Late in the day on December 16, 2019, three different petitions asked the full Federal Circuit to overturn a panel’s decision that members of the Patent Trial and Appeal Board (PTAB) were appointed in violation of the Constitution. The federal government and the patent challenger want to overturn the Federal Circuit’s decision and uphold the PTAB’s constitutionality against challenge; the patent owner wants the Federal Circuit to announce even broader relief. The issue is being closely followed by litigants before the PTAB, particularly those in inter partes review (IPR) and post-grant review (PGR) proceedings.
In Arthrex, Inc. v. Smith & Nephew, Inc., No. 18-2140, a panel of the Federal Circuit held that Administrative Patent Judges (APJs) have been acting as principal officers under the Constitution’s Appointments Clause, and principal officers must be appointed by the President with the advice and consent of the Senate. To cure this constitutional defect, the panel severed the statute that protected APJs from removal from their jobs except for cause. The panel then held that because the IPR had been decided while the APJs were still protected from removal, the losing litigant was entitled to a remand for a new hearing before a different panel of APJs.
The United States’ En Banc Petition
In its petition for rehearing by the full court, the United States argues that the Arthrex panel was wrong on the constitutional issue, wrong to address the issue in Arthrex at all, and wrong on the remedy.
On the merits, the United States contends that the PTO Director and the Secretary of Commerce exercise sufficient control over APJ decisions to satisfy the Constitution. In particular, the United States argues, the Director has “unlimited authority” to designate APJs to a panel and “unilateral power” to make institution decisions, including to vacate an institution decision made by a panel. And, the United States argues, the Secretary can remove APJs for “any reason that ‘promote[s] the efficiency of the service,’” which the government says is a low bar that “poses no barrier to political accountability.”
On preservation, the United States also urges that the Arthrex panel erred in addressing the Appointments Clause issue in the first place, because Arthrex did not raise it during the agency proceedings. The United States emphasizes “the significant administrative disruption” the panel’s ruling could have for the “[h]undreds” of pending PTAB decisions and appeals.
On remedy, the United States contends that even if the panel properly reached the constitutional question, it should not have remanded the case for a new administrative hearing, in part because that relief is reserved for cases where “the petition has raised a ‘timely challenge’ before the agency.” The United States also hinted (alluding to a recent concurrence by Judge Dyk of the Federal Circuit) that severing the for-cause removal restriction should be the only appropriate remedy a litigant can obtain — i.e., no new hearing.
The United States thus urges en banc review to prevent the Arthrex panel’s “sweeping remedy” from resulting in “hundreds of PTAB decisions” being remanded. This, the United States urges, would be a “massive undertaking that would impose significant costs on the public fisc” and “imped[e] the agency’s ability to complete IPR proceedings promptly.”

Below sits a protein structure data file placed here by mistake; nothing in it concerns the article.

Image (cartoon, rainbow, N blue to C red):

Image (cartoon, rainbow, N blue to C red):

Smith & Nephew, the patent challenger, submitted its own en banc petition making essentially the same arguments as the government on the merits and the remedy. It did not argue forfeiture.
Arthrex’s En Banc Petition
Although Arthrex won a remand from the panel, it was not satisfied with that decision. In its rehearing petition, it urges that the IPR decision against it should be set aside without any remand. Arthrex takes the position that IPR, PGR, and similar proceedings are all invalid without a statutory fix by Congress.
Arthrex contends that the panel’s remedy, making APJs more accountable, will make the proceedings less fair and less faithful to Congress’s intent in enacting the statute. In its view, only Congress can fix the constitutional problem, and until it does, IPRs and similar proceedings cannot go forward.
Because all the parties have sought rehearing, the process may unfold fairly quickly. Ordinarily the Federal Circuit would ask the prevailing party to respond to the losing parties’ en banc petitions. But here the prevailing party, Arthrex, has sought rehearing en banc as well.
The Federal Circuit’s rules allow amici to submit a brief within 14 days of the petition’s filing — which in this case would be December 30.
If the Federal Circuit decides to skip the step of calling for responses to the en banc petitions, the judges may vote privately on the en banc petitions in the very near future. A call for a vote would ordinarily be made within 10 business days. It takes seven votes to grant rehearing, out of 12 judges on the court (three of whom joined the panel’s opinion). The court’s decision may not immediately become public, however.
If the court decides to rehear the case en banc, that would likely be announced fairly quickly, and the court would invite new briefing and allow amici to participate. If, however, the court denies the rehearing petitions, there could be a substantial delay if one or more judges decide to write a dissent.
As the government notes, since the panel decision in Arthrex a large number of litigants have raised the same issue, in IPRs and in appeals from IPRs. Some other panels have issued remand orders, citing Arthrex. The government has urged that none of those decisions take effect until after the Federal Circuit rules on the rehearing petitions in Arthrex. That ruling thus has the potential to affect a large number of cases, both in the PTAB and on appeal.